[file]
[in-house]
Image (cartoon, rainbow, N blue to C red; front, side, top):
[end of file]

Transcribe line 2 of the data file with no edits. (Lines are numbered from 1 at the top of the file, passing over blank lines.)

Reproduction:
Image (cartoon, rainbow, N blue to C red; front, side, top):